The relationship between mentors and mentees is often a special one, Miller said. She said not only the academy student benefits from the experience.

“[The matriculated students] see people who are different than they are who process things more slowly,” Miller said. “They realize that just because you have a difference doesn’t mean you’re not a great human with attributes. It’ll help them going out into the world of work to be more tolerant of others.”

Miller said the IOD is hoping to eventually increase the program to last a full four years, to be even more true to the typical college experience. They anticipate increasing to three years within the coming year, though Frantz said it is a tedious process.

Academy students can take the classes Frantz teaches, which are Marginalized Citizenship and Disability and Sexuality, as some of their audited courses.

“They bring a depth of knowledge that I can’t give [the matriculated students],” Frantz said. “You’re sitting there, you’re talking and learning about intellectual disabilities, and you’re sitting next to someone with an intellectual disability – their perspective and their voice is just amazing. They bring such value to class.”

Frantz said students who are uncomfortable interacting with academy students are often overly concerned with political correctness. Boddie recommended students “treat them as human being, not as a person with a disability.”

The Academy for Adult Learning isn’t the only program at the IOD where matriculated students can play a valuable role – Frantz said two graduate students do research within the program she directs, the Criminal Justice Project.

The Criminal Justice Project strives to represent members of the community with intellectual disabilities, who Frantz said struggle to receive fair treatment. She said they assist both victims and offenders, never taking a position on innocence or guilt, but simply providing the means for equality in court.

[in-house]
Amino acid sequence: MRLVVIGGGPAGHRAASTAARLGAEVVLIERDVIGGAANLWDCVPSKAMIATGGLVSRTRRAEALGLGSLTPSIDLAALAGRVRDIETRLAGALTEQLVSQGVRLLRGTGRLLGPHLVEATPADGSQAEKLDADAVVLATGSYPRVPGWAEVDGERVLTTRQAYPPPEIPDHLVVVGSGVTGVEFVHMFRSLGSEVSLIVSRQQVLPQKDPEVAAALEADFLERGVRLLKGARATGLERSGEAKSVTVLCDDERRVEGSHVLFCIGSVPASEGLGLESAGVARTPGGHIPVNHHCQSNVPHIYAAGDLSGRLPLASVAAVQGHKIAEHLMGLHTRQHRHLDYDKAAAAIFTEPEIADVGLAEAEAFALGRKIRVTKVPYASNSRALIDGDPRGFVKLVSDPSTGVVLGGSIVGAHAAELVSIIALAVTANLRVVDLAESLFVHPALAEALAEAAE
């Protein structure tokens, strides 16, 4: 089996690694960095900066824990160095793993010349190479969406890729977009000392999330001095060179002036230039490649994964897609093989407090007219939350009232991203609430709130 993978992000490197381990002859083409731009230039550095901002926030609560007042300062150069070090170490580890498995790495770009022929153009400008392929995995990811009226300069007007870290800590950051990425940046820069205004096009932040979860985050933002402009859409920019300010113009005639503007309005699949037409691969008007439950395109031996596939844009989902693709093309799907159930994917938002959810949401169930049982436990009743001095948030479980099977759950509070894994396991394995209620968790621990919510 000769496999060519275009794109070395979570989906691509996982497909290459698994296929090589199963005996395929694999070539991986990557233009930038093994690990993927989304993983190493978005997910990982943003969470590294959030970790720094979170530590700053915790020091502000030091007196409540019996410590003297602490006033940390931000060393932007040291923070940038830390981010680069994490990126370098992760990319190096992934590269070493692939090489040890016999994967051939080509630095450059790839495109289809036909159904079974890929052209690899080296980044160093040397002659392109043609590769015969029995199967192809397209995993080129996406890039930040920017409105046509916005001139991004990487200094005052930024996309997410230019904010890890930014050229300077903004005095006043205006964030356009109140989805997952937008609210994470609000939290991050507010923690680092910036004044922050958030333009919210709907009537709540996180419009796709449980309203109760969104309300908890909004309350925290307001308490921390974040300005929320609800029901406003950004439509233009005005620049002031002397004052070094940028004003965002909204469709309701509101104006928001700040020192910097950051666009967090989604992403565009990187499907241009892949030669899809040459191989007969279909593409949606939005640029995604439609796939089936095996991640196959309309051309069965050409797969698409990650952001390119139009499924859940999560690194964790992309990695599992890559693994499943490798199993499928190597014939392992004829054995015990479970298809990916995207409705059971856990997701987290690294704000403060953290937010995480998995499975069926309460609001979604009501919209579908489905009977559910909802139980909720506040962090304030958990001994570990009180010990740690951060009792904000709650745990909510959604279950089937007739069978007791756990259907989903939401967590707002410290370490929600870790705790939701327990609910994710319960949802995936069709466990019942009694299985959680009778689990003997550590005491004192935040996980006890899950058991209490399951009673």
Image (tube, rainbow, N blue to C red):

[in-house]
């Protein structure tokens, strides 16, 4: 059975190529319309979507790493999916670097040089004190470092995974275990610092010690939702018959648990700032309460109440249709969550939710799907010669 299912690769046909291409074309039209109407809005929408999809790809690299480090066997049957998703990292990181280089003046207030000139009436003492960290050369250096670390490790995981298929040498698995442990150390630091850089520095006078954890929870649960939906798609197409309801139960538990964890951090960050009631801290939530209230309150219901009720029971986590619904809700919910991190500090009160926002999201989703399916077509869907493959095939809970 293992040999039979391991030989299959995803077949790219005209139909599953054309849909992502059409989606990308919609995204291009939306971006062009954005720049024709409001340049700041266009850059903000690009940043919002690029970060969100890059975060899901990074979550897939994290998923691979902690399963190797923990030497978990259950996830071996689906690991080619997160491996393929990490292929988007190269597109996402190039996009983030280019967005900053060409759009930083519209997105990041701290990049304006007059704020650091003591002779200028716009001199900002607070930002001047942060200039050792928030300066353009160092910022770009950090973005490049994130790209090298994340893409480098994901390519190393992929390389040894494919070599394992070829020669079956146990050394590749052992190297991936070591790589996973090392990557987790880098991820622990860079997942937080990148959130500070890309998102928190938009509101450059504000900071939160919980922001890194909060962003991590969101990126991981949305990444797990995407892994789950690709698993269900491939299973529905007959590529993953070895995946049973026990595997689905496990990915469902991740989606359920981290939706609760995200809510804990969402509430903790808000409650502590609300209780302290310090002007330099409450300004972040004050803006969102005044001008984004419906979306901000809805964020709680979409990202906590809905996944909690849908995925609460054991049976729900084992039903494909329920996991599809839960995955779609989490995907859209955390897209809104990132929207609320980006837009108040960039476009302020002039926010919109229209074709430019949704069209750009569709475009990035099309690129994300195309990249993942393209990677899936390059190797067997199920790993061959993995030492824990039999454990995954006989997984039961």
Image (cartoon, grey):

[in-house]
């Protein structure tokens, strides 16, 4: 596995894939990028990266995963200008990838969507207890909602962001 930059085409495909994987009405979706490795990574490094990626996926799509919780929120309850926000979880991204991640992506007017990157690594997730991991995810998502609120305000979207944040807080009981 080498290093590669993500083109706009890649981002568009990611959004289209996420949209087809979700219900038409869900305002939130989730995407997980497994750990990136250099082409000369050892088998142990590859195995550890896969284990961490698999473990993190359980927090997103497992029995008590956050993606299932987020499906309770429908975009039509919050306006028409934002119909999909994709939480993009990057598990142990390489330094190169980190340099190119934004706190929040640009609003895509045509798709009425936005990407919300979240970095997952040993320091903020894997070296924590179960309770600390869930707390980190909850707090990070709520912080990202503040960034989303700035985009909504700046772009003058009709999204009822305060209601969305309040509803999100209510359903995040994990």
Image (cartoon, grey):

“We know that women with intellectual disabilities who are victims of sexual assault, they’re at anywhere between four to 10 times a higher risk than a person without a disability of being a victim of sexual assault,” Frantz said. “If they even get to court, they have a much lesser chance of being believed – they’re not seen as credible. But if you have a male with the exact same attributes who’s accused of a crime, he’s the most credible person there is.”

Carrie Leonhart, a speech pathologist who works with the Criminal Justice Project and the IOD’s Augmentative Communication Services coordinator, has appeared in court as a testimony interpreter for intellectually disabled people. She repeats each utterance of the individual when they take the stand, allowing the jury to better understand them.

“I think a lot of times we confuse people’s language abilities with their cognition, or we think that if they have a difficulty in one area, let’s say a learning disability, that means they don’t experience life the same way the rest of us do,” Leonhart said. “There is an inherent right to dignity for all humans, and communication is a big part of that.”

Leonhart said she thinks the IOD has a lot to offer any student interested in becoming involved with a program, whether their focus is on research, social services or psychology, among others.

“Service to the community is important, because college campuses can kind of become enclosed, but really the point of everyone coming to college to build their skills is to expand, so that service component is good,” Leonhart said.

Erin Edinger-Turoff can be reached at erin.edinger-turoff@temple.edu or on Twitter @erinJustineET.